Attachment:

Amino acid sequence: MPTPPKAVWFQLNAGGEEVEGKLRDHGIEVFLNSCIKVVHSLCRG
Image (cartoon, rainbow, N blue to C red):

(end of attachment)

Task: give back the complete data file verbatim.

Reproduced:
Amino acid sequence: MPTPPKAVWFQLNAGGEEVEGKLRDHGIEVFLNSCIKVVHSLCRG
Image (cartoon, rainbow, N blue to C red):